Course Profile

Course Profile: Social & Activity Support for Older People (1 Day)
Too often older people are seen to simply need ‘feeding’ and support with personal care, yet the older years can be a time for discovering talents, finding new interests and having fun. This course aims to help support workers develop programmes and skills so as to enable older people to live full, interesting and rewarding lives. It also looks at a range of strategies for enhancing the lives of people with Dementia so as to help preserve competencies for as long as is possible. The course is informed by ‘Keeping active & staying involved’ and Maintaining everyday skills’  (Alzheimers’ Society), the National Dementia Strategy, NICE Guidelines, The Code of Conduct for Healthcare Support Workers and Adult Social Care Workers in England and information from Skills for Care, SCIE, MIND and The Department of Health.
The course is set in the context of The Care Act 2014 (promoting health and wellbeing) and supports the Social Care Commitment.
The course provides some knowledge for
Care Certificate: 5, 9, 13.2
QCF: DEM202, 210, 211, HSC2010, 2013, 2023

The course is designed for Health & Social Care staff working at all levels in a variety of roles and in diverse settings with Older People.
The course will help organizations meet the CQC Fundamental Standards.
Learning outcomes

By the end of the course learners should understand:

  • The human drive towards growth: Maslow & Rogers
  • The aging process. Is it necessary for us to withdraw from life as we age? Challenging assumptions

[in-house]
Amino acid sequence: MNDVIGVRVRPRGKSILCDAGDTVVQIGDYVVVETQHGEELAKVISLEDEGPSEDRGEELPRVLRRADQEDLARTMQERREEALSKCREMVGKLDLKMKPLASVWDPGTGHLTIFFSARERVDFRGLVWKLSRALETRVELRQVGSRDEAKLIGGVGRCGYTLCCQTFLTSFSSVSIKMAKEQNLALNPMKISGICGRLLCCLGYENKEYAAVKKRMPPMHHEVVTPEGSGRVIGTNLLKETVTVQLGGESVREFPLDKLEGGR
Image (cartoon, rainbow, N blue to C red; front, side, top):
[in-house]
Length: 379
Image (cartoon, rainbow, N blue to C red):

• What we mean by Anti-Ageist practice
  • Getting older...the potential losses as well as opportunities for new experiences
  • How using support services could feel like a degrading experience & the need to counter this
  • There is more to life than eating, sleeping, going to the toilet and attending to personal hygiene
  • What is meant by Person Centred support: learning from the service users. They are the experts!
  • What would be appropriate to provide ‘in house’: e.g. Reminiscence groups
  • What resources are available and what expertise could be brought in
  • Why many activities would be more appropriately provided within the ‘community’
  • The resources that are required and how to access these
  • The process of deciding on an individual or group activity
  • The need to ensure that group activities do not become a replay of ‘batch’ care
  • How to draft and implement an activity plan
  • The need to be mindful of Health & Safety, including Risk Assessment
  • The range of activities appropriate for people with Dementia:
  •      -The need for consistency and familiarity
         -The need to provide activities that suit the individual and the particular phase of the condition
         -Maintaining skills and function and slowing down losses
Training methods utilised include: Tutor presentations, PowerPoint, Small group work, Debate and reflection, Word shower method, Simulation exercise, Chalk & talk, Handouts